One of the greatest gifts you can give your daughter is to affirm her through writing. In a world where written communication is most often casual (texts, emails, tweets), a letter in your own handwriting stands out.
I’ll never forget when Abba Project dad Dennis surprisingly noticed that his 13-year-old daughter Olivia not only kept the letter he wrote her but placed it on top of her desk for her friends to see. He had completely expected her to be embarrassed by his card and hide it, especially from her peers. So, as you can imagine, his heart melted when he saw the positive impact his written words had made.
The beauty of putting your thoughts, dreams, love, truth and feelings for your daughter into written form is so that she can read and reread it. She will treasure the things you write to her both now and for years to come.
How do I know this? Because I and many other girls have saved our dad’s notes.
I’ll tell you a heart story to bring this to light. My dad started a tradition a number of years ago where he creates a one-of-a-kind birthday card for all of us girls by using a template on his computer (you can do the same thing by going online and doing some exploring). Without a doubt, my all-time favorite card is the one he made for my 50th birthday. He made a list of 50 things he and my mom love about me and number 33 is the one that melted my heart:
I laughed uproariously when reading that because I had no idea he’d remembered such a seemingly insignificant thing that I’d said. But it showed me that he had listened when I said I absolutely love the sound that the choir of frogs make twice a year at the end of my street. It’s music to my ears. And he counted it among the things he loves about me.
I share all of this to say that whether or not you’re artistic or creative, just the fact that you notice and bring to light the unique things about your daughter, things you find adorable, enjoyable and memorable, you are providing a pathway to her heart that will be a treasure to her forever.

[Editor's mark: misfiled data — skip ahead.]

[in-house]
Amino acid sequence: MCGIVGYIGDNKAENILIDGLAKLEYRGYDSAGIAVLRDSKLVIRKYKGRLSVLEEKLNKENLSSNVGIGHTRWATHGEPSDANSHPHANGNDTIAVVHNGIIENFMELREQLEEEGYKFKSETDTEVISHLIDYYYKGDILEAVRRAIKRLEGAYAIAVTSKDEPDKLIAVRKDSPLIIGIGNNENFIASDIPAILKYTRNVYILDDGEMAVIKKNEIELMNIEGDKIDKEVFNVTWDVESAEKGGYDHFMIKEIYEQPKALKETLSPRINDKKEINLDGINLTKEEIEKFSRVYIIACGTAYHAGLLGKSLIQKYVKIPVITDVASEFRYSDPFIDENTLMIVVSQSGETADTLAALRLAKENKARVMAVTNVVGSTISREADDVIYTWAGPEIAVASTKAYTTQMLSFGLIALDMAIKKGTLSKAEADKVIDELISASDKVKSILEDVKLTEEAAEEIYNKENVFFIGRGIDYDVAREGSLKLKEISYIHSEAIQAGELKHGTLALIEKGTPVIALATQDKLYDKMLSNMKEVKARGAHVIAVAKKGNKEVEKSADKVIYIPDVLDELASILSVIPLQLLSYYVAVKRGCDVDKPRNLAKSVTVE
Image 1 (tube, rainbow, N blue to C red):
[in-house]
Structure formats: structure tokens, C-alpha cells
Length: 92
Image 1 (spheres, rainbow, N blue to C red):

If you’re a dad who has already begun this practice, then great.
Yet whether or not you’ve written letters before, here are a few dad-to-daughter letter-writing ideas to add to your repertoire:
- What was one of the first things you remember about her when she was born and you looked at her for the first time?
- What beauty did you see in her then and what beautiful features do you see in her now? (Girls love hearing about their eyes, smile and the unique features that you see as beautiful)
- Write about a favorite childhood memory you have of her.
- What strengths do you believe she has, both in terms of skill and in her person (her character, personality).
- Tell her specific reasons you’re proud of her.
- Write about what obstacles you have seen her overcome—emphasize such qualities as courage, resilience, strength, commitment, endurance, power.
- Write about dreams you have for her future, whether in the form of your wishes for her or things you pray about for her—do this without preaching or lecturing, only encourage.
- Tell her what it means to you to spend time with her.
- Communicate why you love being her dad in this season of her life (add current things about her age right now that you’re aware of and highlight them as positive)
- Let her know that you will always be there for her, telling her what it means to you to be her dad.
If writing is not your thing, still do it (I know … I’m being a tough teacher right now). I promise that your daughter will thrive in direct proportion to the words you speak (verbal and written) into her life.
And the more you hone your writing skills, the easier it will become.
On your mark, get set, write.
Dr. Michelle Watson has a clinical counseling practice in Portland, Oregon, and has served in that role for the past 17 years. She is founder of The Abba Project, a 9-month group forum that is designed to equip dads with daughters ages 13 to 30 to dial in with more intention and consistency, and has recently released her first book entitled, Dad, Here’s What I Really Need from You: A Guide for Connecting with Your Daughter’s Heart. She invites you to visit drmichellewatson.com for more information and to sign up for her weekly Dad-Daughter Friday blogs, where she provides practical tools so that every dad in America can become the action hero they want to be and their daughters need them to be. You can also follow or send feedback on Facebook and Twitter.
For the original article, visit drmichellewatson.com.